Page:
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Dermatology Practical & Conceptual

ISSN 2160-9381

July 2012 | Volume 2, No. 3

Systemic mastocytosis associated with chronic myelomonocytic leukemia and xanthogranuloma

Philipp Tschandl, M.D. 1, Leonhard Müllauer, M.D. 2, Harald Kittler, M.D. 1 1 Department of Dermatology, Division of General Dermatology, Medical University of Vienna, Austria 2 Department of Pathology, Medical University of Vienna

Keywords: CMML; Systemic mastocytosis; leukemia; xanthogranuloma

Citation: Tschandl P, Müllauer L, Kittler H. Systemic mastocytosis associated with chronic myelomonocytic leukemia and xanthogranuloma. Dermatol Pract Conc. 2012;2(3):3. http://dx.doi.org/10.5826/dpc.0203a03.

History: Received: November 27, 2011. Accepted: March 31, 2012. Published: July 31, 2012.

Copyright: ©2012 Tschandl et al. This is an open-access article distributed under the terms of the Creative Commons Attribution License, which permits unrestricted use, distribution, and reproduction in any medium, provided the original author and source are credited.

Funding: None.

Competing interests: The authors have no conflicts of interest to disclose.

Corresponding Author: Harald Kittler, M.D., Department of Dermatology, Division of General Dermatology, Medical University of Vienna, Währinger Gürtel 18-20, 1090 Vienna, Austria. Tel. +43.40400.7700; Fax. +43.1.408.1928. E-mail: harald.kittler@meduniwien.ac.at

Abstract

A patient with a history of non-diagnostic bone marrow biopsies presented with a red to brown maculopapular rash on the back. Biopsies confirmed multiple xanthogranulomas as well as a mastocytosis. A consequently performed bone marrow biopsy verified a systemic mastocytosis and a chronic myelomonocytic leukemia (CMML) type I. Here, we describe for the first time in the literature a patient with three diseases occurring synchronously: CMML, xanthogranulomas and systemic mastocytosis. Two of them at a time are known to be associated and may be indicative of a common progenitor cell.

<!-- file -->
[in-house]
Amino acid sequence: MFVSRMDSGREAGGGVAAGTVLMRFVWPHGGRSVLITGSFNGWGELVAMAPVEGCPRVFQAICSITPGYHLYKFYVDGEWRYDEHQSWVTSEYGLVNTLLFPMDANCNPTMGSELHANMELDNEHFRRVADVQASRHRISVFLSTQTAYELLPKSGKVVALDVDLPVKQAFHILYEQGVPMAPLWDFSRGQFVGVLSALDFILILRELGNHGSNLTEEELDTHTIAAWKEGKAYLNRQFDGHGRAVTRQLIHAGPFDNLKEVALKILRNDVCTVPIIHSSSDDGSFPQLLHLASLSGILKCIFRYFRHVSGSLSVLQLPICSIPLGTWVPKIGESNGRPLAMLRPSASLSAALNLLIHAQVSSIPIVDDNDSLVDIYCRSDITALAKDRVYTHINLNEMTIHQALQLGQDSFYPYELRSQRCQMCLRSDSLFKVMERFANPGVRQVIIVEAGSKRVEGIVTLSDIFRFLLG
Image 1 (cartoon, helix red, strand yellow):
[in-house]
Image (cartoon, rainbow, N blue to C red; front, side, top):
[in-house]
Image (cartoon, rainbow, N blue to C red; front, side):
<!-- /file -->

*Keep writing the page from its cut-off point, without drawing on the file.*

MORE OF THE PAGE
Introduction

Xanthogranulomas, mastocytoses and chronically myelogenous leukemias are known to be associated with each other. We herein report a case where all three entities are diagnosed within a single patient synchronously.

Case report

The patient presented is a 61-year-old man with several past bone marrow biopsies that never confirmed a suspected hematologic neoplasm. During diagnostic work-up of diabetes insipidus the patient was presented to our department with a rash that had been persistent and undiagnosed for about a year. The rash spread over the whole back and showed red-to-brown macular and papular eruptions with a few small nodules (Figure 1A). The Darier’s sign was positive (Figure 1B). Histopathology confirmed the clinical suspicion of a mastocytosis (Figure 2). Additionally, a biopsy of a papular lesion (Figure 3) showed a xanthogranuloma (Figure 4). Several other papules were also identified as xanthogranulomas (Figure 3A, B), as they had exactly the same dermatoscopic appearance. Auxiliary studies raised the suspicion of systemic involvement of the mast cell disorder: a significant amount (>10%) of CD20-positive cells in the biopsied mastocytosis, a raised serum-tryptase level (27,4Mu²g/ml), and chronic diarrhea [1]. The consequently performed bone marrow biopsy showed a neoplastic mast cell infiltrate confirming the diagnosis of systemic mastocytosis and an increase of neoplastic monocytes consistent with the diagnosis of a chronic myelomonocytic leukemia type I (images not shown). The patient was transferred back to the hemato-oncology department, where he received a treatment with 5-azacitidine.